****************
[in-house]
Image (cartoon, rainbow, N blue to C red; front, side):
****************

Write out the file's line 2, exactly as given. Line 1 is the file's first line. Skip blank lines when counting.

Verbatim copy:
Image (cartoon, rainbow, N blue to C red; front, side):